Cine Latino: 'Gangster Squad''s Michael Peña on Playing César E. Chávez and Being a Badass

Cine Latino: 'Gangster Squad''s Michael Peña on Playing César E. Chávez and Being a Badass

Jan 09, 2013

Cine Latino covers, well, all things relating to Latino culture and the movies, now every Wednesday.

Michael Peña, who showed off his combat skills last year in End of Watch, reunites with 30 Minutes or Less director Ruben Fleischer in the crime drama Gangster Squad. The Chicago native joins Josh Brolin, Ryan Gosling, Anthony Mackie, Giovanni Ribisi and Robert Patrick as an LAPD rookie trying to take back the city from one of the most dangerous mafia bosses of all time.

I got the chance to chat with Peña about his upcoming film role and the pressures of playing César E. Chávez in Diego Luna's biopic Chavez. Is it just me or are you becoming more and more bad-ass?

Michael Peña: I think the parts are just coming in that way but to be honest I'm just a regular Joe Shmoe. I think I've just been getting lucky. You're the only Latino in the gangster squad. Was that planned?

Peña: I am the only Latino in the squad so it's a bit of a social commentary in a way. It's good to see somebody Latino around that time that was really working for something good. I think during that time Latinos had to change their names to get jobs so it's almost an honor to be in a movie like this where I can play a Latino named Navidad Ramirez. What happens when so many big personalities collide on set?

Peña: It was a really fun shoot, it wasn't hard times. Josh Brolin is one of the funniest dudes and Anthony Mackie just had us all rolling. I would like to see him star in a comedy because he's just super funny. It really turned into a comedy club. After the tragic events that happened in Aurora last summer, you had to reshoot a theater gunfight --it was replaced by a scene in Chinatown. What was your reaction when you heard about having to reshoot?

Peña: I think people should take their hats off for Warner Bros. I think it's kind of cool when a big company like that reshoots something because they are being sensitive to the situation. It's a commendable thing to spend a bunch of money so that people aren’t re-stimulated by that kind of thing and so that they can go to a theater and just enjoy themselves. I think it was very cool for them to do that. What lessons have you learned recently from the films you've been a part of?

Peña: In End of Watch I learned what police officers really have to go through to protect and serve. In this movie, it's cool to know that in the 1940s there were real guys that stopped the mob in L.A. and so it reminds you that there are good people out there.  I learned about labor inequality in Chavez. I'm glad you mentioned Chavez. How much pressure did you feel going into the movie and knowing what a tremendous iconic figure Cesar E. Chavez is to the Latino community?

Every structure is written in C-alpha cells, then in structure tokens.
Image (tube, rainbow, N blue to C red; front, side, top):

Peña: I'm not going to lie…it was a lot of pressure. My dad was a farmer and so was my mom, you can call them campesinos, and they weren't really getting paid fairly and so that was one of the reasons why they moved to America. What I really wanted to make, what I really wanted to do with that movie was make it entertaining. Once we had a good script we didn’t want to bore anyone and be too preachy. I haven’t seen it yet but that's what our intensions were going into it. I spoke with Diego Luna a few months ago and he told me his true love is directing. How is he as a director?

Peña: Diego was challenging, which is very interesting because actors/directors will sometimes just let actors go but he was definitely guiding me the entire way and I thought it was awesome. I got a lot of respect for that guy and I think he's a natural director. I just saw the trailer and I was really happy with what I saw. Were you able to meet Dolores Huerta?

Peña: I actually did get to meet Dolores Huerta. It happened at the Department of Labor, they named one of their hallways after Cesar Chavez and I met her there. I still can't believe how much energy she has, she's an amazing person.  The struggle that she had to go through was a lot. She's a real-life hero. Do you feel like you've made it? Is there a sense of satisfaction?

Peña: I don’t think so. I still feel like there's a lot of work to be done, to be honest with you. Some people dream of being able to greenlight whatever movie they want and I'm definitely working to be able to do something like that. How do you feel when people say that you are one of their favorite actors? Does that even seem real to you?

Peña: I would have never thought that but I just got on Twitter (@realmichaelpena) and fans actually give me shout-outs. A lot of the things they say, I go, "Wow, I didn’t know that." It's a cool acknowledgement. When I think of how I'm going to do a movie I think of them. I do it for them.  It's not necessarily just for me in a selfish way, I think about how it's going to translate and how people are going to receive it. To be acknowledged…it's not a bad thing, I'll tell you that much.

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Categories: Cine Latino, Interviews
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